Halepota, on the other hand, said concerns about a potential increase in rulings denying anti-SLAPP motions as frivolous are “hypothesized hyperbole.” He argued the TCPA is currently being abused, citing the example of a developer his firm is representing whose legal dispute with a contractor was prolonged a year and a half when a stay was issued following an anti-SLAPP motion to dismiss, causing the developer to lose “millions of dollars.”
“We need to stop the sword element of this statute,” he said, adding that “anyone legitimately expressing a free speech interest should be able to pass the low threshold of frivolousness.”
Panju countered that “the burden shouldn’t be on that person who enjoys a shield under the statute,” saying “it’s the plaintiff that needs to make the case to the appellate court.”
State Rep. Cody Vasut (R-Angleton) suggested limiting the removal of the stay to cases in which a judge rules that the anti-SLAPP motion is frivolous, and he asked if requiring an appellate court to review such a motion within 30 or 45 days would be an acceptable compromise.
Panju agreed that either revision would improve the proposed legislation.
Tony McDonald, a Central Texas attorney specializing in First Amendment issues, also expressed concern that the legislation would have “a lot of unintended consequences.” He explained that lifting the stay after an anti-SLAPP motion to dismiss is denied—either immediately or after 45 days—is “creating a situation where there is no adequate remedy on appeal” because “it takes years sometimes to get an opinion out of a court of appeals,” during which time “abusive litigation” against the defendant could proceed.
“If you’re going to do something here, you should go to the court of appeals and give them the authority to lift the stay,” he argued. Currently, appellate courts are not authorized to life a stay of the trial court proceedings.
Among the other witnesses were representatives for Texans for Lawsuit Reform, the Texas Association of Business, the Texas Association of Broadcasters, and the Texas Press Association.
Lee Parsley of Texans for Lawsuit Reform argued that the bill would be an effective tool to “balance constitutional rights,” namely those of free speech and trial by jury.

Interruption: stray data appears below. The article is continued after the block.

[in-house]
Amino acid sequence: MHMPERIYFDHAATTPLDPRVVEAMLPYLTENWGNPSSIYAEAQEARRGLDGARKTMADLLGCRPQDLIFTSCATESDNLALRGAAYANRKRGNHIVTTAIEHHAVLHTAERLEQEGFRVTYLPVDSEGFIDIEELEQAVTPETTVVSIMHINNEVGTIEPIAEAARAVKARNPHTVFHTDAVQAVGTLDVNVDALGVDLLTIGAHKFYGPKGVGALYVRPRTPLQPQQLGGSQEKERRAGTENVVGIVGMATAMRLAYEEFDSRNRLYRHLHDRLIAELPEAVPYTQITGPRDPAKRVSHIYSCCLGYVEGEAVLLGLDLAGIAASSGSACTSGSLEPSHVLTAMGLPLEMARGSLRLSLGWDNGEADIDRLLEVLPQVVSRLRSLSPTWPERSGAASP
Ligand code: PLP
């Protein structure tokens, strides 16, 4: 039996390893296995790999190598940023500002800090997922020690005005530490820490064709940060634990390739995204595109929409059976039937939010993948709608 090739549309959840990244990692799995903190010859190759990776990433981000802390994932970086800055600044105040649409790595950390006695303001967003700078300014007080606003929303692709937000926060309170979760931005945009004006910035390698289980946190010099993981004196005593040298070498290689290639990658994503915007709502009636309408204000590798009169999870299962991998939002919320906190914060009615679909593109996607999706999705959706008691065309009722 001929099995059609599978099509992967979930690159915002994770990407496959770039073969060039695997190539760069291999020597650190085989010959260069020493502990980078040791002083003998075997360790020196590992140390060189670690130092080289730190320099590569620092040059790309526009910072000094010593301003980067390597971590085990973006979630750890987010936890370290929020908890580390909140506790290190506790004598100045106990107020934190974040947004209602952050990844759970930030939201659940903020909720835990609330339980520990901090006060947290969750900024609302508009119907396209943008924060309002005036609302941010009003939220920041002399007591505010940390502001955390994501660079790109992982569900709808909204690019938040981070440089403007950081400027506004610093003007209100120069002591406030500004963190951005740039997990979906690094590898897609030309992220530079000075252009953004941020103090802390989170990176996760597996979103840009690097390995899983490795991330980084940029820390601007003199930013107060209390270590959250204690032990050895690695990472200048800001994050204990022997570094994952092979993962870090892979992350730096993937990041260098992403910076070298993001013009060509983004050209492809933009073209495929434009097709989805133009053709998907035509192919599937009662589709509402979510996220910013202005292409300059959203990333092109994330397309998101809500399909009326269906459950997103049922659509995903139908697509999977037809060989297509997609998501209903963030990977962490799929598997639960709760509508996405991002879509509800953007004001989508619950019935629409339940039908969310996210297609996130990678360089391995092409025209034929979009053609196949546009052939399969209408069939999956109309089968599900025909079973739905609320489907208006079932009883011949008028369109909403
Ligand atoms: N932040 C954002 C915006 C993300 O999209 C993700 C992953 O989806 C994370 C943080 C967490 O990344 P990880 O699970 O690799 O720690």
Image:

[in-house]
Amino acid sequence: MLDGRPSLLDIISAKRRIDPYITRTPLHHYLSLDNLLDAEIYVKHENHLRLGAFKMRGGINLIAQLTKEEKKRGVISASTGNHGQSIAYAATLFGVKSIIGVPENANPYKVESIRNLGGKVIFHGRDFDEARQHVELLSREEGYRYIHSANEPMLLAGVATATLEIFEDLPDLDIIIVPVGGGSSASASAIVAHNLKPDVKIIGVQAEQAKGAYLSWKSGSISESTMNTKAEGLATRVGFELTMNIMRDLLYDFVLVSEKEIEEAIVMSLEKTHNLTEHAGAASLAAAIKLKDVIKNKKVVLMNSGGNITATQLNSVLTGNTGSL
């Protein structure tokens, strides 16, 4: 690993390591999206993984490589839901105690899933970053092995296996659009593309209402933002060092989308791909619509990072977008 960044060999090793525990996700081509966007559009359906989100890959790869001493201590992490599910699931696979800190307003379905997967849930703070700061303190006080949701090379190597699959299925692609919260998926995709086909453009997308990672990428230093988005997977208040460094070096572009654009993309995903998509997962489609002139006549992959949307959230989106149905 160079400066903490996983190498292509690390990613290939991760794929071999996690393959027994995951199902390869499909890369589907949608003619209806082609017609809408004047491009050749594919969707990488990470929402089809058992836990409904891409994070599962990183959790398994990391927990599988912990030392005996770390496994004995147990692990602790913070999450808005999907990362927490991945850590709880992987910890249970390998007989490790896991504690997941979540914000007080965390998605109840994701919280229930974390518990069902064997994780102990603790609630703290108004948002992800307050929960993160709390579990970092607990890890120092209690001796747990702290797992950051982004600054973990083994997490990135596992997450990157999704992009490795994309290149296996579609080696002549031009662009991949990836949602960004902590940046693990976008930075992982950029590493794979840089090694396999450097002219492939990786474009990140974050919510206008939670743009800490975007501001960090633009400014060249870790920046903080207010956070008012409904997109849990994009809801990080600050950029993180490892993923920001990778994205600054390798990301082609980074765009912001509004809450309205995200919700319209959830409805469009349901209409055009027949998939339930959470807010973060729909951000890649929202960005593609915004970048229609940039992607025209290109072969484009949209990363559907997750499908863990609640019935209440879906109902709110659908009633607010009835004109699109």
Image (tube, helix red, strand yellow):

Glenn Hammer of the Texas Association of Business said that while his organization “will continue to vigorously support First Amendment rights,” he believes SB 896 “provides much needed guardrails to help prevent misuses of the TCPA going forward and protects the state’s business-friendly litigation environment that Texas is proudly known for.”
Marc Fuller, testifying on behalf of the Texas Association of Broadcasters, said the bill would “dramatically increase findings of frivolousness” because they “will effectively immunize the trial court’s order denying the motion to dismiss from any meaningful appellate review.”
Donnis Baggett of the Texas Press Association said his organization is “concerned that this bill would weaken what is now a strong anti-SLAPP bill or statute in Texas law, one that has become a model for other states.” He explained that most of the 400 newspapers in Texas are small newspapers and “do not have deep pockets,” and “if you bleed a small newspaper dry,” the local community is “not only going to lose coverage of high school sports, they’re going to lose coverage of the civic life. That community, they’re going to lose the accountability element that a newspaper brings to the coverage of small town governments. That’s not something you want to happen in Texas.”
The bill was left pending at the conclusion of the hearing. If the House passes the revised legislation, the Senate would have to agree to any changes before it can go to the governor’s desk.
The current legislative session ends May 29.